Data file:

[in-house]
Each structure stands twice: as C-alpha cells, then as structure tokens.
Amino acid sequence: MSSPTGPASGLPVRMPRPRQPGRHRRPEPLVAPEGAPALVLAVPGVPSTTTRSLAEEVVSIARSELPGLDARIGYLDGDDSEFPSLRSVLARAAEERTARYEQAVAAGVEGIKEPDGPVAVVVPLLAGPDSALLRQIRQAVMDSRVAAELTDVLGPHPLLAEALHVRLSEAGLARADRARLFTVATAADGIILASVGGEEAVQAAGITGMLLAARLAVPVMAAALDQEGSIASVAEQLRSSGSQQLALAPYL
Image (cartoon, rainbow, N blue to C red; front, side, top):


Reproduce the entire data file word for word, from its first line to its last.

[in-house]
Each structure stands twice: as C-alpha cells, then as structure tokens.
Amino acid sequence: MSSPTGPASGLPVRMPRPRQPGRHRRPEPLVAPEGAPALVLAVPGVPSTTTRSLAEEVVSIARSELPGLDARIGYLDGDDSEFPSLRSVLARAAEERTARYEQAVAAGVEGIKEPDGPVAVVVPLLAGPDSALLRQIRQAVMDSRVAAELTDVLGPHPLLAEALHVRLSEAGLARADRARLFTVATAADGIILASVGGEEAVQAAGITGMLLAARLAVPVMAAALDQEGSIASVAEQLRSSGSQQLALAPYL
Image (cartoon, rainbow, N blue to C red; front, side, top):